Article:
- Public Storage (NYSE:PSA). This REIT owns and operates over 2,000 self-storage facilities, totaling over 132 million square feet of rentable space. It is the largest provider of self-storage units in the United States, with units in 39 states. It also has a 41% interest in PS Business Parks that owns and operates business sites. Public Storage has a solid balance sheet and according to Moody's, PSA has the highest credit rating among REITs. Debt is only about 1% of total capital. The Dividend to FFO ratio is 70% and FFO is expected to grow over 15% in 2013 and an additional 5% to 10% in 2014. The current yield is 3.2%.
- Simon Properties Group (NYSE:SPG). This REIT owns and operates regional malls and outlet centers. It owns 326 properties in North America, Europe, and Asia. In total, it has over 241 million square feet of leased space. Simon Properties will spend about a billion dollars per year through 2016 for redevelopment and expansion. This should result in increased FFO and potentially an increase in dividends. Over the last year, all the financial trends, such as occupancy rates and rents have all been favorable. The dividend yield is 3.3% and the Dividend-to-FFO ratio is a solid 55%.
As additional references for my analysis, I also included the following ETFs:
- Vanguard REIT Index (NYSEARCA:VNQ). This ETF tracks the cap-weighted MSCI US REIT Index, which consists of over 120 REITs, diversified among retail, residential, medical, healthcare, hotels, and office properties. The retail sector is the largest holding at 27%. The expense ratio is an ultra-low 0.10%. The fund yields 3.9%.
- iShares U.S. Real Estate (NYSEARCA:IYR) is also a popular REIT ETF. However, its portfolio includes mortgage REITs as well as equity REITs and over the past 5 years, it has been over 98% correlated with VNQ. For these reasons, I did not include IYR as a reference.
- SPDR S&P 500 (NYSEARCA:SPY). This ETF tracks the S&P 500 equity index and has a yield of 2% and an expense ratio of only 0.09%. This was used as a reference to compare REITs to the general equity market.
To analyze risks and return, I used the Smartfolio 3 program with data over the past 5 years. The results are shown in Figure 1, which plots the rate of return in excess of the risk free rate of return (called Excess Mu on the charts) against the historical volatility.
Figure 1. Risk versus Reward past 5 years
As is evident from the figure, there was a relatively large range of returns and volatilities. For example, SPG had a high rate of return but also had a high volatility. Was the increased return worth the increased volatility? To answer this question, I calculated the Sharpe Ratio.
The Sharpe Ratio is a metric, developed by Nobel laureate William Sharpe that measures risk-adjusted performance. It is calculated as the ratio of the excess return over the volatility. This reward-to-risk ratio (assuming that risk is measured by volatility) is a good way to compare peers to assess if higher returns are due to superior investment performance or from taking additional risk. In Figure 1, I plotted a red line that represents the Sharpe Ratio associated with SPY. If an asset is above the line, it has a higher Sharpe Ratio than SPY. Conversely, if an asset is below the line, the reward-to-risk is worse than SPY. Similarly, I plotted a blue line that represents the Sharpe Ratio associated with Vanguard REIT Index .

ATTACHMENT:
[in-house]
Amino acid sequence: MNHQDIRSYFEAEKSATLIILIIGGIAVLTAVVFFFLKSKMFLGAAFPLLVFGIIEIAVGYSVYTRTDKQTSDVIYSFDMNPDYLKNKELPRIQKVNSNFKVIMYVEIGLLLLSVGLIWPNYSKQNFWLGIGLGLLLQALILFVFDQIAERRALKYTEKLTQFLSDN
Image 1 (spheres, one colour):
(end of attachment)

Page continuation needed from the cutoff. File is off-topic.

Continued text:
Some interesting observations are apparent from Figure 1. First off, it is clear that REITs are substantially more volatile than the S&P 500. Many of the REITs have a higher absolute return than general equities but on a risk-adjusted basis, the S&P 500 wins over both REIT stocks and the REIT Fund, VNQ. On a relative performance within the asset class, three stocks (O, PSA, and SPG) stand out and all three of these have generated risk-adjusted performance similar to the SPY and much better than VNQ. Of the top performers, only O is in our high yield category. This points out that current yield is not necessarily a good predictor of total return or risk-adjusted return. On a relative basis, HCN, DLR, HCP, and LRY had risk-adjusted performance in line with VNQ. The laggards over the 5 year period were HR and CLI, both with relative low return coupled with high volatility. As we have noted, both of these stocks have been struggling recently.
In addition to good yields, REITs have also traditionally been valued because they were believed to provide diversification. To validate this belief, I checked to see how much diversification you obtained from including REITS in a general equity portfolio. To be "diversified," you want to choose assets such that when some assets are down, others are up. In mathematical terms, you want to select assets that are uncorrelated (or at least not highly correlated) with each other. I calculated the pair-wise correlations associated with the selected stocks and funds. The results are provided as a correlation matrix in Figure 2. As you might expect, REITs are highly correlated with one another and with VNQ. However, REITs are only moderately correlated with the S&P 500 (65% to 75%) so they do provide a reasonable degree of diversification when compared to other equities.
Figure 2. Correlation Matrix over past 5 years
To check how the performance may have changed over a shorter more-bullish period of time, I reduced the look back period to 3 years and re-ran the analysis. The results are shown in Figure 3.
Figure 3. Risk versus Reward over 3 years
During the past three years, the SPY has been in a strong bull market and has outperformed most REITs. However, PSA and SPG have both kept up with the SPY. This again points out that strong balance sheets and solid operational plans are more important for total return than high yield. When we review relative performance among the high yield REITs, O and HCN are still strong with a risk-adjusted return similar to VNQ. The other high yielding REITs have had mixed performance, with CLI continuing to lag and actually moving into negative return territory over the past 3 years.
The decision by the Fed to continue asset purchases should be a plus for the REITs. The recent events in Washington may also have removed tapering from the Fed's playbook and this also bodes well for REITs. Over the past 5 years, REITs have been a volatile class but they have also offered a degree of diversification. If you are interested in investing in this class, this analysis indicates that you should look at the whole REIT space, not just the high yield REITs. As we have shown, some of the lower yielding REITs have a much better risk-adjusted return than those with exceptional yields. The analysis also indicates that the exchange traded fund VNQ had relatively good risk-adjusted performance over the periods so this ETF should also be given consideration.
As is often stated, past performance may not be a good indicator of the future so always do your due diligence before investing. However, I hope that this analysis of past data will provide useful information to aid in your decision making.
Disclosure: I have no positions in any stocks mentioned, and no plans to initiate any positions within the next 72 hours. I wrote this article myself, and it expresses my own opinions. I am not receiving compensation for it. I have no business relationship with any company whose stock is mentioned in this article.